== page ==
Fees vs. Taxes: Feed the Iron Ranger

Loma Mar, California: Ever hiked right past that “Iron Ranger,” one of those tamper-resistant fee boxes found at a day-use area, trailhead, or campground, and thought, “I pay my taxes, don’t I?” It’s true that tax revenues help fund our public lands, but as a percentage of the federal budget, we’re not talking about a lot of your tax money. Let’s say your family paid $7,000 in federal taxes last year. According to our modest calculations,[1] you’ll have contributed $5.38 toward the National Parks’ budget and $8.49 toward the U.S. Forest Service budget. And, with wildfire suppression costs up from 13% to 50% of the U.S. Forest Service’s budget over the past 20 years, that means only about $4.25 is going to anything other than putting out wildfires.

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Leave No Trace’s seventh principle is “Be Considerate to Other Visitors,” and by paying your recreation fees, you’re doing your part to keep the lights on, roads paved, rivers bridged, trash removed and toilets cleaned. Up to 90% of public lands visitation takes place in frontcountry settings – areas that have parking lots, bathrooms, trash cans, etc., and, consequently, the vast majority of public infrastructure. If you’ve ever thrown your trash in a trailhead trash can, used a toilet, enjoyed walking across a bridge over a gushing stream, or noticed a new bench-cut trail or freshly sawed tree trunk from the middle of said trail, then you’ve probably benefited from site-specific recreation fees.

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While only a small percentage of the total operating budget, recreation fees are important for keeping the your favorite public lands in good working order. According to the Federal Lands Recreation Enhancement Act, at least 80% of your fees must stay at the location where they are collected, which is a far higher concentration than your tax dollars, which are spread throughout the country’s parks and forests. And this number is typically much higher – the U.S. Forest Service reports that 95% of your fees are spent on-site. These projects include local education and interpretation, infrastructure improvement, maintenance, trail work, and facilities development, among other things. When you consider that the National Park Service has a maintenance backlog of $11.6 billion and that the U.S. Forest Service’s stands at $5.5 billion, the collection of local fees appears even more vital to the continued sustainability of recreation on public lands. So, if you have that “special place,” happily pay your user fees, and encourage your friends and other visitors to do so as well.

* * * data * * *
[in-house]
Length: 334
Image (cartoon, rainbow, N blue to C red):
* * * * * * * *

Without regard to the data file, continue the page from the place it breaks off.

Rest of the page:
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Enjoy Your World. Leave No Trace.

Jessie and Matt

Leave No Trace's Jessie Johnson and Matt Schneider are part of the 2018 Subaru/Leave No Trace Traveling Trainer Program that provides free, mobile education to communities across the country. Proud partners of this program include Subaru of America, REI, Eagles Nest Outfitters, Deuter, Thule, and Klean Kanteen.


[1] Federal revenues and budgets are tricky things. If you’re a tax expert, you might arrive at different calculations, but no matter what, we’re not talking about a lot of money as a percentage of your federal taxes. If taxes paid were a sufficient basis for access, you’d be more entitled to a free flight in a fighter jet than entry to public lands.